Hi Jennifer, thanks for article.

I’ve been a woman in tech for over 2 decades, but I don’t really like to focus on being a “woman in tech”. Here’s why…

I knew I wanted to be a programmer back in the mid-80’s in jr. high. While I knew this was “different” than the path of most girls, I was proud to be an individual, and was usually complimented on my career choice.

Over the years of working at companies of various industries, shapes and sizes, I’ve encountered only a few men who were at first skeptical of my abilities as a female. I’ve always enjoyed proving these sexist types wrong by out performing their expectations. They’re even more impressed than if a guy does the same work. For this reason, I think women have a tremendous advantage in tech.

So, I focus on being good in tech, and not specifically a “woman” in tech.

About 5 years back I founded a startup in the CMS space, and became part of a high-tech incubator. There were ~10 companies in the incubator all owned by men which I didn’t really think twice about, since I was focused on growing my business.

To my surprise, I experienced a lot of sexism…

Not the negative type of sexism where the men thought less of my abilities, but the type of sexism that comes from people (both men & women) constantly focusing on the fact that I was a “woman”. It was strange to me that they thought I wanted their help with being a “woman in tech”.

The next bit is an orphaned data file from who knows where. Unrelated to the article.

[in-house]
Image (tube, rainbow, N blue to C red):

Sometimes “women in tech” groups or reporters would come to the incubator, and of course every other person would flag me down with.. “oh, are you going to that seminar for women?”, or “they want to do a story on a woman owned startup”.

Really?? Actually, no I don’t want to go that seminar for women, because I’m kind of busy running my startup like every other entreprenueur__

I thought the point of the incubator was to get help with marketing my product, or obtaining capital, or increasing sales, but all I got help with was introductions to other women, and womens groups.

It’s great that woman like to empower each other. In terms of technology, I like to focus on being good at what I do, and not on being a “woman”. Maybe I’m unusual in this belief.

Stop Making an Issue of The Differences

When perception is equal, we will be equal. Sexism, like all the other “-ism’s”, is about making an issue of differences__ and that comes in both negative and positive forms. When people dwell on the glass ceiling, and focus on the issue of being a “woman”, the gender stereotypes persist.

I really do hope that other women become more interested in technology careers so that we can all focus less on gender, and more on being the very best at what we do! After all, there was a time when most programmers were women.

Nikki Durkin wrote a great article on this subject too: https://byrslf.co/why-im-sick-to-death-of-being-a-woman-in-tech-5a38e8b77e59

S/W Engineer. Web developer. @Bootply @Codeply

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